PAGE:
Custer Battlefield Museum[edit]

The Custer Battlefield Museum features many artifacts from the Battle as well as books and memorabilia.

In 2005 and 2009, 22 artifacts from the museum, described as "a trove of war bonnets, medicine bags and other items"[7] alleged to have been stolen from the Crow tribe were seized by Federal authorities. Although the case was dropped in 2009, as of March 19, 2012 some of the items had not been returned.[8]

The Center Pole[edit]

Located on Wellknown Buffalo's historic Indian trust land on the Crow Indian Reservation, this Native, non-profit organization's mission is to "empower Native American youth through knowledge, experience and global awareness" as well as to "promote the exchange of information, ideas and understanding between Indian reservations and the mainstream." It is a partner organization to Billy Mill's Running Strong for American Indian Youth with a donations warehouse serving those in need in the community. The Buffalo Nickel Thrift Store, a community enterprise selling recycled clothing and housewares, welcomes visitors. Three of the buildings are hybrid straw bale constructed buildings.

Notable people[edit]

Henry Real Bird of Garryowen was appointed Poet Laureate of Montana by Governor Brian Schweitzer in 2009.[9]

References[edit]

  1. ^ "US Gazetteer files: 2010, 2000, and 1990". United States Census Bureau. 2011-02-12. Retrieved 2011-04-23. 
  2. ^ "American FactFinder". United States Census Bureau. Retrieved 2011-05-14. 
  3. ^ "Garryowen". Geographic Names Information System, U.S. Geological Survey. 
  4. ^ a b "Two-person Montana town up for auction". Associated Press (Via KULR). 13 August 2012. Retrieved 16 August 2012.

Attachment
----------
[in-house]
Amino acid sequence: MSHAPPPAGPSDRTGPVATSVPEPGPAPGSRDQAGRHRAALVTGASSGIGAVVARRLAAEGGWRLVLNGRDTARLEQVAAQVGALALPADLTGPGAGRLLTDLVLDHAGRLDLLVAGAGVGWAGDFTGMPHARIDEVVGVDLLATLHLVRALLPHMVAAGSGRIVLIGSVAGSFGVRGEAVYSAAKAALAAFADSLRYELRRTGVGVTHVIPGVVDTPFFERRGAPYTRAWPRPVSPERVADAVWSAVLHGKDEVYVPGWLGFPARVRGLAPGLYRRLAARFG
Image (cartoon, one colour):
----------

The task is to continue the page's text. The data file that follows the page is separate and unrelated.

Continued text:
5. ^ Wong, Kenneth (16 August 2012). "Garryowen Auction Cancelled". KULR-TV. Retrieved 16 August 2012. 
  6. ^ "Disclosures: I-90 AND EXIT 514 GARRYOWEN MONTANA 59031". 2012. Retrieved 16 August 2012. "Private Cemetery Disclosure: A monument located on the Property may indicate that a burial site is located on the Property. Neither the Seller nor Williams & Williams can confirm or dispute the existence of a possible internment [sic] on the Property. If a burial location is situated on the Property, removal of said burial site, or a monument associated with said site, is governed by state and local statutes and regulations. Buyer should investigate and gather any required information regarding said Property prior to bidding." 
  7. ^ Brown, Matthew (2012-01-29). "Custer dealer seeks return of seized artifacts". Missoulian (Missoula, MT). Retrieved 2012-05-05. 
  8. ^ Brown, Matthew (2012-03-19). "Feds: Some Custer museum artifacts were stolen from Crow". Missoulian (Missoula, MT). Retrieved 2012-05-05. 
  9. ^ "Governor Announces Henry Real Bird as Montana’s Poet Laureate - Humanities Roundtable". Retrieved 2012-05-05.